Bankruptcy Lawyer Bryan W. Stone answers the question: “What is Chapter 11 Bankruptcy?”
The hits just keep on coming for Caesars Entertainment Corporation. The company is one of the largest gaming companies in the world, owning and operating over dozens of casinos and hotels including Harrah’s. It filed for Chapter 11 business reorganization bankruptcy in 2014 for $18 billion in debts but the case has been fraught with issues ever since: fraud, a 7-million page investigatory report, one very angry judge, and now, a ruling that an extramarital affair nullifies the entire report.
First, some background. Creditors alleged back in 2014 that Caesars had intentionally stripped the entertainment group’s casino operating unit of its best assets before filing for bankruptcy. Junior bondholders claimed that the transfer of Caesars’ more valuable properties and casinos was designed to create a profitable section of the company that would keep returning profits for the company’s private equity owners and a section that was doomed to bankruptcy. Caesars is a publicly-traded company but is majority-owned by a group of private equity firms, including TPG Capital and Apollo Global Management.
What the bondholders allege is referred to as hiding assets in the world of bankruptcy. It is considered fraud and can have civil and criminal consequences.
Court orders investigation into Caesars dealings
The allegations prompted the Chicago bankruptcy judge to order an independent investigation into the matter. The final report would be used to help Caesar negotiate an edited restructuring plan with the bondholders. Months later, as the investigation was drawing to a close, Caesars asked the court for the 7-million page report to filed under seal. The judge was furious. The company’s bankruptcy case was dependent on the examiner’s report, and objecting to the report ever being released was highly suspicious.
Caesars fights release of the investigation’s report
The bankruptcy judge decided to allow for a redacted version of the report to be filed temporarily along with a public summary, but ordered the examiner to figure out a new procedure that would release the full report. The judge threatened to convert Caesars bankruptcy case from a Chapter 11 reorganization to a Chapter 7 liquidation, or dismiss the case altogether if the company continued to insist the report stay sealed.
The report was considered a major hurdle for Caesars in gaining the support of its bitter bondholders for the restructuring plan the company proposed to the court in its bankruptcy filing. The restructuring plan envisioned splitting the bankrupt section of the company into a property company and a casino operator.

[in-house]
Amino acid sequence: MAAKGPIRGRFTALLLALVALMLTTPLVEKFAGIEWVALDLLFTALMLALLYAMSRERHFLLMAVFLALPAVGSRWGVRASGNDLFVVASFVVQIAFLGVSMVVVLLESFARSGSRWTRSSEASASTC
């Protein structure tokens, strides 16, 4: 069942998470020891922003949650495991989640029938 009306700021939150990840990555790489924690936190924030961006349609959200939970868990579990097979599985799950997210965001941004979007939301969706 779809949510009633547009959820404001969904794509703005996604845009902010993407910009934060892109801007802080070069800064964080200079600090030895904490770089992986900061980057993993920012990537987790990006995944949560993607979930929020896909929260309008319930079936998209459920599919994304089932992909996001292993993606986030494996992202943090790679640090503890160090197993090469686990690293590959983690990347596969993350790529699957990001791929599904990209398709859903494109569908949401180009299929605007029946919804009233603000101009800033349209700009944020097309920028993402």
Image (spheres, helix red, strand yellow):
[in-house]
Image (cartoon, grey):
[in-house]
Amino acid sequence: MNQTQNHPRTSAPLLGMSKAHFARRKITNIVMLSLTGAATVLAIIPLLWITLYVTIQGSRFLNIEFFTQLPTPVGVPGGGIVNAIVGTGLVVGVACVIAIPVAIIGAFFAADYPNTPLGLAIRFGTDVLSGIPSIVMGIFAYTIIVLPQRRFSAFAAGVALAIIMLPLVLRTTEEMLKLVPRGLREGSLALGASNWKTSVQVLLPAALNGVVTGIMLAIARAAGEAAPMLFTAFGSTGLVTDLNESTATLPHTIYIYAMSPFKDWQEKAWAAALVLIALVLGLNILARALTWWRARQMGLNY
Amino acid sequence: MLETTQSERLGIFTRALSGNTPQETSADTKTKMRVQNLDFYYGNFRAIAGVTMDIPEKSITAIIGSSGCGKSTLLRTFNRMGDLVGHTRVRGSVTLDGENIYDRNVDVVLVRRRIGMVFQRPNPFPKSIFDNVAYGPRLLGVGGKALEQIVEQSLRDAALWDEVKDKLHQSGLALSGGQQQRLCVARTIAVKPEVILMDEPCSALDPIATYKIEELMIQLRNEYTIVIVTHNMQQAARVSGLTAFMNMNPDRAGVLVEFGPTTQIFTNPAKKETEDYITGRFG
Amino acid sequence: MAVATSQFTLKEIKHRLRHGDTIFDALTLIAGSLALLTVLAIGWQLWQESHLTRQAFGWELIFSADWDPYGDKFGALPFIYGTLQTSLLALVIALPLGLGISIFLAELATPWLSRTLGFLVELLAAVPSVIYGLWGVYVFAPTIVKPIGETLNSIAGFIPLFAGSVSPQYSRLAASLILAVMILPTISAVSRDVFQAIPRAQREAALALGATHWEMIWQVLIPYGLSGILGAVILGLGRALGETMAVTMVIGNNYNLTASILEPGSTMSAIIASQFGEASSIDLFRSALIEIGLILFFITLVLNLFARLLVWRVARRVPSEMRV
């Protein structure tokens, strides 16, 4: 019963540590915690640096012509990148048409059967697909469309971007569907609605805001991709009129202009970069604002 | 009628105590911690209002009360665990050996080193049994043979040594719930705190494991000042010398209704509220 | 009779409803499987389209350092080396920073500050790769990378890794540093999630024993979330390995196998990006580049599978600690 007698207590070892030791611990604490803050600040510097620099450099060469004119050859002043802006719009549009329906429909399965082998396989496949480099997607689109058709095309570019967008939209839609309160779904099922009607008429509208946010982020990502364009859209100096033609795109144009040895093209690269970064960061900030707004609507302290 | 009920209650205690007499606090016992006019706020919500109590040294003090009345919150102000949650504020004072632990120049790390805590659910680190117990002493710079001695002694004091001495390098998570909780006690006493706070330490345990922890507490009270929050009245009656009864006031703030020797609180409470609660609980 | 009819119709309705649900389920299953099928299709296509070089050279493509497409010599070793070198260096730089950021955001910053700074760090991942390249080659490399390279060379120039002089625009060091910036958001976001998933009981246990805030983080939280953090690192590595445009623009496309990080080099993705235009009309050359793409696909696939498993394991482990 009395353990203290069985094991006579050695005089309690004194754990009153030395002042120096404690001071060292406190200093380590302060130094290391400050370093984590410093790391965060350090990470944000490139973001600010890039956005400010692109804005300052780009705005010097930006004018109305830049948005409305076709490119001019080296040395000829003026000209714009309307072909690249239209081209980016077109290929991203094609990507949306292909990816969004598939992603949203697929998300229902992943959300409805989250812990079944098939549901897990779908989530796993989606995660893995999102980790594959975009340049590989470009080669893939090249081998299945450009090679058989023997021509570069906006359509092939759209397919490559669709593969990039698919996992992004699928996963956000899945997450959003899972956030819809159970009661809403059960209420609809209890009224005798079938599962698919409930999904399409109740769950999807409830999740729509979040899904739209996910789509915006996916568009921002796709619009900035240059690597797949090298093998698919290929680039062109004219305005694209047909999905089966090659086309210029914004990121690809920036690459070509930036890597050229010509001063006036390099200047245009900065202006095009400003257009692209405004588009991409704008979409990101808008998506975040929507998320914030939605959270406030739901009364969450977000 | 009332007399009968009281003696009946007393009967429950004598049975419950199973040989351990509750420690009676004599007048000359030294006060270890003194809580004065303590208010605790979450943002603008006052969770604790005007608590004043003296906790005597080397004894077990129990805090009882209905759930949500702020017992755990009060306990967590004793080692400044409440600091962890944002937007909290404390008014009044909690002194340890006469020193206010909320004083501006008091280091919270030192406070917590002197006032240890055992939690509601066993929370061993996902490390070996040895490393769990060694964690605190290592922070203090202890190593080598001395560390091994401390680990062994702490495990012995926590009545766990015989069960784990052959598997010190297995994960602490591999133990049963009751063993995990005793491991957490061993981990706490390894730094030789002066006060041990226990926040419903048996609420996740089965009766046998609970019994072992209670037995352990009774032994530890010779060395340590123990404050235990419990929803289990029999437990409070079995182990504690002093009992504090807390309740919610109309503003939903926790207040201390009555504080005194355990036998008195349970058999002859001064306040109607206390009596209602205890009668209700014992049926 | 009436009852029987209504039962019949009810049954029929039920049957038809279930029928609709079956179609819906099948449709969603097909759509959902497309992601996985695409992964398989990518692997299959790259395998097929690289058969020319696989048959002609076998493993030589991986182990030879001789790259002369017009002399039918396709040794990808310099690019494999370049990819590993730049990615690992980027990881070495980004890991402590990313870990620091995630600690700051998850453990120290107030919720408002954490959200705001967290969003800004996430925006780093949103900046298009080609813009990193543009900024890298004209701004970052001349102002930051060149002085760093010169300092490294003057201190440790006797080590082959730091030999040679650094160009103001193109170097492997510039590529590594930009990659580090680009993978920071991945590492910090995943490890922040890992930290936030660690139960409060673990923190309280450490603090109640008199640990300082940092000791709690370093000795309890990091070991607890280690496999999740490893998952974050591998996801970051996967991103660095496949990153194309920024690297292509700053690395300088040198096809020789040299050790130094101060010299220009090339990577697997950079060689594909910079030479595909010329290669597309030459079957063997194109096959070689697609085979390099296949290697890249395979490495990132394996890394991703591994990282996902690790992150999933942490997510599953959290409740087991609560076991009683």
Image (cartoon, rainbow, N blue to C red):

…Now throw in an affair
Then, another scandal broke that further complicated the matter. The “independent” investigatory financial team Caesars hired to probe whether or not they were hiding assets turns out to have been headed by financial advisor Melissa Knoll, who at the time was having an extramarital affair with an attorney for Caesars named Vincent Lazar.
Knoll disclosed the affair to the court last year. The judge ordered a separate bankruptcy court investigator to again dig through the company’s finances.
The judge, in a hearing last month that only just recently came to light, flat-out accused Knoll of “sleeping with the enemy.” The investigatory report was now tainted regardless of whether it was released in full, the judge stated. The conflict of interest calls into question whether Knoll shared any of the information in the report with Lazar.
Separate court-ordered bankruptcy investigation
The separate investigator the judge appointed finished his report earlier this year, and the results did not improve things for Caesars. The report concluded that Caesar and its majority backers TPG and Apollo Global Management orchestrated a series of transactions that give rise to up to $5.1 billion in damages for the bankrupt unit and its creditors. This pales in comparison to the $1.8 billion Caesars has offered the creditors as part of its restructuring plan.
The equity firms and Caesars have denied the allegations, but the report could be extremely damaging to the company’s already tenuous bankruptcy case. Experts say it increases the settlement value creditors are pursuing in Caesar’s restructuring plan.
Caesars is supposed to have a plan worked out with the creditors to present to the judge for approval this September, which does not give the company much time to work out all of the issues involved in this case. It will be interesting to see what action the judge decides to take on the case and whether any of the companies involved face fraud charges.
If you are contemplating bankruptcy in the Charlotte area, please call the skilled lawyers at Arnold & Smith, PLLC find additional resources here. As professionals who are experienced at handling all kinds of bankruptcy matters, our attorneys will provide you with legally sound advice for your particular situation.
About the Author
Kyle Frost joined Arnold & Smith, PLLC in 2013 where he focuses his practice on all aspects of civil litigation and bankruptcy, including: Chapter 7, Chapter 11, Chapter 13, home loan modifications and landlord-tenant issues.
Born and raised in upstate New York, Mr. Frost attended the University at Albany on a Presidential Scholarship, graduating magna cum laude with a double major in Political Science and Sociology. He went on to attended Wake Forest University School of Law in Winston Salem, North Carolina.
Following college, Mr. Frost spent over a year teaching English in South Korea. He worked in a private school in Seoul developing curriculum, English programs, and educating both children and adults that were interested in learning a new language.
In his spare time, Mr. Frost enjoys homebrewing, fishing, and travelling.
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